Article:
This will be a chaotic end to the season now with at least 11 games in 40 days including last night and possibly one more within that timeframe if Chelsea beat Tottenham in the FA Cup semi-finals a week on Sunday. The Benfica coach, Jorge Jesus, said yesterday that his team had made Chelsea look "ordinary" and it was difficult to argue with that assessment.
The dismissal of Maxi Pereira before half-time had given Chelsea the kind of advantage that, at this level, is so often decisive. They were already leading through Frank Lampard's penalty and yet they could not close out the game despite an array of chances at the start of the second half. Slowly Benfica's confidence crept back.
In the first half, the Slovenian referee Damir Skomina, the man who so enraged Arsène Wenger in Arsenal's second-leg win over Milan, dished out eight yellow cards, six of them to Benfica and two for Pereira. As Pereira headed off, he appeared to take Benfica's hope with him.
Until Benfica conceded that crucial penalty to Chelsea in the 21st minute they had looked much more dangerous than the predictable, risk-adverse side that Di Matteo's team had beaten last week in Lisbon.
Then Ashley Cole was released into the Benfica penalty area, running into the left channel and controlling the ball with a nifty first touch that took it past Javi Garcia. The Spanish midfielder, co-opted to play centre-back because of Benfica's defensive injury crisis, could not stop himself colliding with the left-back. Lampard tucked away the penalty.
Benfica had chances. Oscar Cardozo had a shot kicked off the line by John Terry who later went off with what the club fear are two fractured ribs sustained in the first leg last week. In his absence, Chelsea looked much more vulnerable. Before then Pereira's red card came for his second bookable offence – a silly tackle on John Obi Mikel – that swung the tie in Chelsea's favour.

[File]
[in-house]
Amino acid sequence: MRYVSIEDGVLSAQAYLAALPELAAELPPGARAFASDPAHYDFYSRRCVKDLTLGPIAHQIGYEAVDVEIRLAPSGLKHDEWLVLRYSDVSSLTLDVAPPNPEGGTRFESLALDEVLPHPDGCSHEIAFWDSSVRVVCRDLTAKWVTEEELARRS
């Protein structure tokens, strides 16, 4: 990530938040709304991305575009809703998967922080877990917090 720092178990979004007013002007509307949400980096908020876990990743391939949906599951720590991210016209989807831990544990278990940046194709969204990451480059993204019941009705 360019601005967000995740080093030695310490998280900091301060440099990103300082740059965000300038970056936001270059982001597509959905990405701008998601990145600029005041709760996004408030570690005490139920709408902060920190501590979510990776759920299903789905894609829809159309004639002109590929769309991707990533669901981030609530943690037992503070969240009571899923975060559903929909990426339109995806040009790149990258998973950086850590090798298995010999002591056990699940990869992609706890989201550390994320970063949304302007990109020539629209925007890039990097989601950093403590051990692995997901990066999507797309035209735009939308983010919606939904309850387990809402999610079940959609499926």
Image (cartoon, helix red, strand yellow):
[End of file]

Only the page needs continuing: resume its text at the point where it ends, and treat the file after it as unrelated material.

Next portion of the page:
As the visitors were stretched after the break, so the opportunities came for Chelsea to put their opponents away. Salomon Kalou hit the post in the 49th minute and Ramires could not force the ball over the line. Juan Mata had a couple of shots saved. Fernando Torres turned Emerson on the edge of the area but his strike was deflected wide.
With the lively substitute Yannick Djalo on the pitch, there was greater purpose about Benfica. He headed wide before the Portuguese side equalised. It came from a corner from the excellent Pablo Aimar on 84 minutes. In the centre David Luiz lost Garcia, who was given a free jump at Aimar's corner, scored and the tie was back in the balance.
Breaking free from a Benfica attack, Meireles carried the ball a long way and just when it seemed like he would play in Ramires, he struck a fierce shot past goalkeeper Artur. Only then did the home support feel confident enough to turn their minds to Barcelona — and that brings a whole new set of problems.
Man of the match Mata.
Match rating 6/10.
Referee D Skomina (Sloven).
Bayern Munich v Real Madrid Tuesday 17 April (Allianz Arena); Wednesday 25 April (Bernabeu)
Chelsea v Barcelona Wednesday 18 April (Stamford Bridge); Tuesday 24 April (Nou Camp)